The Ballad of the Sad Cafe: And Other Stories

The Ballad of the Sad Cafe: And Other Stories

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by Carson McCullers
     
 

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A collection of McCullers best short stories about grotesque people and situations in the southern United States.

Overview

A collection of McCullers best short stories about grotesque people and situations in the southern United States.

Product Details

ISBN-13:
9780553354232
Publisher:
Random House Publishing Group
Publication date:
03/01/1991
Pages:
160

Meet the Author

Carson McCullers (1917-1967) was the author of numerous works of fiction and nonfiction, including The Heart is a Lonely Hunter, The Member of the Wedding, Reflections in a Golden Eye, and Clock Without Hands. Born in Columbus, Georgia, on February 19, 1917, she became a promising pianist and enrolled in the Juilliard School of Music in New York when she was seventeen, but lacking money for tuition, she never attended classes. Instead she studied writing at Columbia University, which ultimately led to The Heart Is a Lonely Hunter, the novel that made her an overnight literary sensation. On September 29, 1967, at age fifty, she died in Nyack, New York, where she is buried.

Brief Biography

Date of Birth:
February 19, 1917
Date of Death:
November 29, 1967
Place of Birth:
Columbus, Georgia
Place of Death:
Nyack, New York
Education:
Columbia University and New York University, 1935

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Ballad of the Sad Cafe 4 out of 5 based on 0 ratings. 10 reviews.
Anonymous More than 1 year ago
McCullers was an extraordinary writer. There is some truly beautiful work in here, lush and poetic . Philistines will see no merit, but even references to daily life in that region and era are of interest.
Guest More than 1 year ago
I really liked this book. It was somewhat dreary and depressing, and hard to get through at places, but I thought the story was very interesting. Recomended if you like her style of writing.
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discerningreader More than 1 year ago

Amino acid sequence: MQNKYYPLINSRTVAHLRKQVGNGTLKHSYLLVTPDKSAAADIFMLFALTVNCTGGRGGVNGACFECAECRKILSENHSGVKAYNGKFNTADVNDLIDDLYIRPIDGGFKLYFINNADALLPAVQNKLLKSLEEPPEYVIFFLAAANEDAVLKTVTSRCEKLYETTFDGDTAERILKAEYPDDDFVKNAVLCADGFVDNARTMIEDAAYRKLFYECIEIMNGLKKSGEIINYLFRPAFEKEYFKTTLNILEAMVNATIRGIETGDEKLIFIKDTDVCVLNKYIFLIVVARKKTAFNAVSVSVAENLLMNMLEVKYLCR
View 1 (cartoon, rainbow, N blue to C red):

Miss Amelia is a masculine acting weatlhy loner in a small town who knows only how to use people for a profit. until she falls for an unappealing stranger who comes to town and claims kinship. The deformed cousin Lymon, who is about two feet shorter than her (Huh?-) coughs, is scared of the night, chatters, stirs up quarrels and seems to develop an arrogant air of entitlement. Miss Amelia's love transforms her from her recluse stingy ways and she opens a Café at her General Store and years pass as she loves and favors Lymon. Told in flashback, we then see how Miss Amelia herself was the object of love, several years ago, by a Marvin Macy who himself had reformed his nefarious ways when he inexplicably falls for her. After only a ten day marriage, during which Miss Amelia refuses a normal marital physical relationship and kicks Macy out, Macy returns to crime. The story shifts back to the present and we see how Macy returns to the town with a vindictive attitude. Cousin Lymon develops obsessive love (What? Macy is insulting to Lymon!) Contemptuous onlookers in the small southern town enjoy gossip about the past/ present miseries. With their voices readers see how the "beloveds" exploit those who love. Miss Amelia and Macy have a fist fight and Lymon interferes so Macy can live. Then we flip to a sene about a chain gang of prisoners who work and sing cooperatively together. Wow! I get it, there is no requited love in this world, except for brotherly love and harmony and only when people are bound together in chains and have no choice. Clearly author Carson McCullers really was a mixed up sort of gal. It is no surprise to read her personal history. If this is an example of the best of any genre, mankind is as troubled as the author apparently was. Why do school districts require this as reading? The constant references to Cousin Lymon's unfortunate deformity were unnecessary and insulting, since that same deformity is present in my own family history, but more importantly, it did not illustrate any great thoughts about anything. Perhaps this book fulfills a need to get reluctant students to write vividly about something. The "Ballad of Sad Café" a "classic", and movies and plays have been made about this grim story. The flawed exaggerated characters don't garner lasting interest and the plot is hugely implausible. Perhaps the book could evoke discussions of gender reversals in doomed multi-sexual love triangles. (a narrow draw!) 73 pages should go quickly, right? Not so. Read this story only if you must.